temporarily undo commit(s) on a remote server

I do not claim to be a wiz at git, and I do not ensure what I am writing about, but it seemed to work for me, and I appreciate any comments.

My goal was to temporarily revert one or many commits that I had pushed to the remote server.

http://cheat.errtheblog.com/s/git — specifically the “Fix mistakes / Undo” section was helpful.

What I found:

git revert -n <sha>

#run this for each commit you would like to “undo”

(the -n makes it so that you are not actually creating a commit, but staging the reverse of the changes made by your <sha> commit in your index. git status will show you this)

git ci -a # apply your revision
git push #origin to master (these steps effectively created one commit that was the product of reversing all the commits you picked in the git revert -n step)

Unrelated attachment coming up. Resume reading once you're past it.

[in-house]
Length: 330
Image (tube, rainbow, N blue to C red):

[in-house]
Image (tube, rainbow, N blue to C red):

now your index looks like:

  • <sha1>… revision of <commit…s>
  • <sha2>… commit4
  • <sha3>… commit3
  • now, lets say, the time has come to reapply your commits. Because you didn’t just do

    git reset --hard &lt;commit3&gt;

    or something like that, all you have to do is git reset –hard <sha1> which will “undo your undo”


    git push #origin master

    again and you are back to where you were.

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